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"What’s funny is that my heart knew all along what I really wanted; I just didn’t allow myself to have it. Elizabeth’s patience, quirky humor, empathy and faith helped me chip away at my disempowering beliefs." Read more

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YOU’re the Bluebird of Happiness

Monday, November 12, 2012
posted in Life Leadership

I’ve been reading some books on neuroscience and what makes the brain “tick” (it’s fascinating how the wet ware between our ears processes incoming sensory information and creates thoughts, emotions, memories etc.) so, when Amazon did their usual data driven cross-sell and presented me with various titles that “others like me bought as well” I stumbled on an interesting book by Sonja Lyubomirsky, PhD, a research psychologist and professor of psychology at the University of California who has been formally investigating well-being for over twenty-years. In her book entitled “The How of Happiness – A Scientific Approach to Getting the Life You Want”  she draws on her own and others groundbreaking research to present a set of 12 intentional happiness-increasing strategies. Now, just to set a context, Dr. Lyubomirsky and her fellow researcher, Ken Sheldon received a grant for more than one million dollars from the National Institute of Mental Health to fund research on the possibility of getting happier. After all, the pursuit of happiness is a national obsession, written into our constitution, and heck all that money should of made anybody happy, right? Well, yeah for a while anyway…and that really was the most fascinating part of the book to me, her debunking of our most cherished happiness myths:

  • Happiness must be “found”: Nope, happiness is not outside of ourselves (if only I had a better job, was married to the right person, lived in my dream home, etc) it’s really more a state of mind and way of perceiving ourselves, circumstances and others.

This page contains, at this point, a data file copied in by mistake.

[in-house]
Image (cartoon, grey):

• Happiness lies in changing our circumstances: As important as major life events are to each of us, studies have revealed that only about 10% of our happiness is “controlled” by our circumstances.
  • You either have it or you don’t: Lots of folks believe that they are genetically pre-disposed to unhappiness. Growing empirical research suggests that you can overcome any genetic predisposition. Fully 40% of our happiness quota is within our control!

So, as it turns out there is no bluebird of happiness. Rather YOU are the bluebird of happiness.

Dr. Lyubomirsky goes on to detail some of the limits of circumstances. Consider material wealth, once you have reached a certain baseline of needs satisfied (enough food, adequate shelter, clothing) more does not make you any happier. She describes life in America in the 1940s where 1/3 of the population did not have indoor plumbing (no bath, toilet, shower, sinks), 1/2 of homes had no central heat, only 5% of those twenty-five years or older would have a college education. When surveyed about their life satisfaction, Americans in 1940 reported being “very-satisfied” a 7.5 on a scale to 10. So, reasonably since we all have bathrooms, lots of electronic gadgets and gizmos, a house over twice the size of yesteryear — we modern-day Americans should bust that number, right? Wrong: 7.2 out of 10.

She writes that, in fact, materialism is a strong predictor of unhappiness, citing research that followed twelve thousand freshman from elite colleges and universities in 1976. Those that expressed strong materialistic goals, i.e. making money, were less satisfied with their lives 20 years later. Furthermore materialists were more likely to suffer from various mental disorders! Wowza! She continues on to overthrow beauty, and “the altar (as in marriage), the lottery and the house in the ‘burbs” and describes “hedonic adaption” which you should not miss — so get the book and read up.
Ok, ok so what does make us happy then?
“In a nutshell, the fountain of happiness can be found in how you behave, what you think, and what goals you set every day of your life”

And apparently in wonderful, corny life-affirming (circa 1940?) stuff like spending more time with family and friends, being thankful and expressing gratitude, learning to forgive, practicing acts of kindness, practicing spirituality and religion, committing to goals, savoring life’s joys and several others.

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